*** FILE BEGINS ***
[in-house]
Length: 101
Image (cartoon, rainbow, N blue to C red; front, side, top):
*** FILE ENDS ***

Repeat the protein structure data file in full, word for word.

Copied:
[in-house]
Length: 101
Image (cartoon, rainbow, N blue to C red; front, side, top):